Mylin A. Torres, MD
Professor, Department of Radiation Oncology
Emory University School of Medicine
Co-Leader, Cancer Prevention and Control Research Program
Winship Cancer Institute of Emory University
Conquer Cancer, The ASCO Foundation
Identifying genetic determinants of treatment-related comorbidities, poor treatment adherence, and worse survival among Black patients with early-stage breast cancer.
Non-Hispanic Black (NHB) women are two times more likely to die after a breast cancer diagnosis than non-Hispanic white (NHW) women in metropolitan Atlanta. Some of the largest racial inequalities in breast cancer outcomes are among patients with high socioeconomic status, private insurance, and early-stage, hormone receptor (HR)-positive, HER2-negative breast cancer. Following treatment, heart disease, diabetes, obesity, and depression are observed more frequently in NHB than NHW women and contribute to poor survival—which means they are classified as treatment-emergent comorbidities. Polygenic risk scores (PRS) are a composite of genetic variants within an individual’s DNA that, when grouped together, may indicate a level of risk for developing a disease. For her Conquer Cancer Research Professorship, Dr. Torres and her team of trainees will explore identifying a PRS of unique genetic variations associated with race that increase the risk of treatment-emergent comorbidities, and whether this relationship is a significant driver of disparities in early-stage breast cancer.
The team will conduct a study of NHB and NHW women with newly diagnosed, early stage, HR-positive/HER2-negative, low risk breast cancer. Patients will undergo blood testing to assess genetic differences that might be associated with treatment-related comorbidities. They will receive repeated assessments before, during, and after active breast conserving therapy treatment to monitor their health. Identifying genetic predictors of treatment-related comorbidities will enable physicians to personalize care, support proactive preventative interventions, and select treatments that are more effective, less toxic, and improve overall survival.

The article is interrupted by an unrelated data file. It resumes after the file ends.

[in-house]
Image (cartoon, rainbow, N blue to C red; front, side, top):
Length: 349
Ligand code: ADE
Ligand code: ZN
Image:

Mylin Torres, MD is Professor of Radiation Oncology at Emory University School of Medicine where she leads the breast radiation oncology program and serves as Co-Leader of the Cancer Prevention Control Research Program of Winship Cancer Institute. Dr. Torres graduated magna cum laude from Harvard University and received her medical degree from Stanford University. She completed her training in radiation oncology at The University of Texas MD Anderson Cancer Center.
Dr. Torres and her team have developed an integrated program of multi-disciplinary research dedicated to understanding the pathophysiologic mechanisms underlying cancer therapy-related toxicities. She also conducts research on racial disparities in breast cancer outcomes and improving the quality of cancer care delivery. Dr. Torres’ program has been supported by the National Cancer Institute, Radiation Therapy Oncology Group, Susan G. Komen, V Foundation, and Winship. Awards from the Pfizer ASPIRE, Pfizer Global Breast Cancer Research, and Genentech IIS programs fund Dr. Torres’ investigator-initiated multi-institutional clinical trials of radiation in combination with novel systemic agents in patients with metastatic breast cancer.
She has published over 70 manuscripts and book chapters. She is a graduate of the ASCO Leadership Development Program and has served on several ASCO and NRG Oncology Committees. Currently, Dr. Torres is Co-Chair of the Research Implementation Special Interest Group within the NRG Health Disparities Committee. Based on her successful mentorship of over 40 junior faculty, trainees, post-docs, and students, Dr. Torres received the 2018 Winship Annual Mentorship Award and serves as a primary mentor within NRG Oncology Health Equity New Investigator Program for Underrepresented Minorities and on the Executive Committee of Emory’s NIH-supported Building Interdisciplinary Research Careers in Women’s Health Program.
When you give to BCRF, you're funding critical hours in the lab. More time for research means longer, healthier lives for the ones we love.